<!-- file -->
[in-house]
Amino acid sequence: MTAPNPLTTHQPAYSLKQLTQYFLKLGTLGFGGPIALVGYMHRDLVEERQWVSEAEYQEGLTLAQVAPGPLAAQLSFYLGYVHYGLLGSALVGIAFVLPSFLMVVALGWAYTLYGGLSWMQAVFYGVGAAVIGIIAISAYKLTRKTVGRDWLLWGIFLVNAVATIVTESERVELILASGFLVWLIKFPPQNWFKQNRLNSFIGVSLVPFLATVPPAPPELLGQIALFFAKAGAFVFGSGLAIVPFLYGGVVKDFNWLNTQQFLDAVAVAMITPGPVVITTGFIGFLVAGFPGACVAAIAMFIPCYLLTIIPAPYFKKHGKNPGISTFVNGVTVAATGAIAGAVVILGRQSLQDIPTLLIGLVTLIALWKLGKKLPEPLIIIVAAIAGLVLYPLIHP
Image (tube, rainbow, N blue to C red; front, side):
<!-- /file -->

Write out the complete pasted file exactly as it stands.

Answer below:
[in-house]
Amino acid sequence: MTAPNPLTTHQPAYSLKQLTQYFLKLGTLGFGGPIALVGYMHRDLVEERQWVSEAEYQEGLTLAQVAPGPLAAQLSFYLGYVHYGLLGSALVGIAFVLPSFLMVVALGWAYTLYGGLSWMQAVFYGVGAAVIGIIAISAYKLTRKTVGRDWLLWGIFLVNAVATIVTESERVELILASGFLVWLIKFPPQNWFKQNRLNSFIGVSLVPFLATVPPAPPELLGQIALFFAKAGAFVFGSGLAIVPFLYGGVVKDFNWLNTQQFLDAVAVAMITPGPVVITTGFIGFLVAGFPGACVAAIAMFIPCYLLTIIPAPYFKKHGKNPGISTFVNGVTVAATGAIAGAVVILGRQSLQDIPTLLIGLVTLIALWKLGKKLPEPLIIIVAAIAGLVLYPLIHP
Image (tube, rainbow, N blue to C red; front, side):